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North Korea sanctions: US drops oil embargo and naval blockade proposals

The US has significantly diluted a package of new proposed sanctions against North Korea, dropping an oil embargo and enforceable naval blockade in the hope of avoiding a Chinese veto at the UN security council.

A revised draft seen by the Guardian and circulated by the US mission to the UN on Monday will impose a ban on imports of North Korean textiles and put a cap on Pyongyang’s imports of crude oil and refined petroleum products.

But other elements were dropped from a much stronger versionproposed by the US last week, including the first asset freeze directed at Kim Jong-un, a complete ban on oil sales to his regime, and a mandate for warships from any member state to inspect ships suspected of carrying contraband to or from North Korea, and to enforce inspect using “all necessary measures”.

The Pyongyang regime threatened retribution against Washington for any new sanctions measure threatening to inflict “the greatest pain and suffering” the US has ever encountered.

A diplomatic source at the security council said that the revisions in the draft had been made with the aim of securing acquiescence from China and Russia, who expressed serious reservations about the original version. The US called for the security council in the wake of North Korea’s sixth, and most powerful, nuclear test on 3 September.

“This is a text designed for adoption,” the source said. “If they were running it to force a veto, they wouldn’t have made the revisions.”

Even if the US draft is not vetoed, an abstention by China in particular would significantly weaken its impact, as the North Korea is likely to take it as a signal that Beijing would not enforce its measures with much rigour.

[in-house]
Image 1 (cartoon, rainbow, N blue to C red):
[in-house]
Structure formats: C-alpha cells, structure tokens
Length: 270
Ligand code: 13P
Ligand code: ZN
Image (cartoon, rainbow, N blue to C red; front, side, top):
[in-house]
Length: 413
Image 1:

The UK ambassador to the UN, Matthew Rycroft, insisted the revised text was still “robust” and argued the revisions were not a climbdown by the US.

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“It’s called negotiation. That’s what we do here at the security council. There is a significant prize in keeping the whole of the security council united,” Rycroft said. “The version on the table is strong, it is robust, it is a very significant set of additional sanctions on imports into North Korea and on exports out of North Korea and other measures as well, so that’s why we will be voting in favour of it.”

Alongside the withdrawal of the oil embargo, the most significant change to the resolution is the section on “maritime interdiction of cargo vessels”. A note to the revised version says explicitly that the “provision would not authorize the use of force” either to carry out an inspection or to make a suspect vessel sail to a port where it could be inspected. The only enforcement mechanism would be possible sanctions imposed on any ship that does not comply with inspections.

In place of a full ban on oil exports, the new draft ban oil condensates and natural gas liquids while imposing a cap of 2 million barrels a year on refined petroleum products. Crude oil imports are capped at their current level.

North Korea vowed retaliation for any new sanctions measures. In a statement carried by the official KCNA news agency on Monday, North Korea’s foreign ministry warned the US that if it “did rig up the illegal and unlawful ‘resolution’ on harsher sanctions, the DPRK shall make absolutely sure that the US pays a due price”.

Referring to the country by its official title, the Democratic People’s Republic of Korea, it added: “The forthcoming measures to be taken by the DPRK will cause the US the greatest pain and suffering it has ever gone through in its entire history.”

Richard Gowan, who writes on the UN and conflict management at the European Council of Foreign Relations, questioned the tactics pursued by Nikki Haley, the US envoy to the UN.

“This is a pretty solid resolution, and if the US had worked it up quietly with China and Russia it could have been sold as another significant win for Washington,” Gowan said. “But the fact that the original US pitch was so much stronger now makes it look like a defeat. Perhaps Haley felt that she had to open with a maximalist bid to get anything at all.”

Richard Nephew, a former sanctions policy official at the state department, argued: “Far from showing a major international shift to support regime-threatening sanctions, the UN [security council’s] proposed resolution underscores the degree to which the US and other members have fundamentally different views on [North Korea].”

“We lack vision to incorporate sanctions into a broader strategy and this is hurting our ability to get really tough sanctions or use them appropriately,” Nephew, quoted on the 38 North website, which follows North Korean issues, said. “This must change if we are to avoid just using sanctions for sanctions’ sake.”

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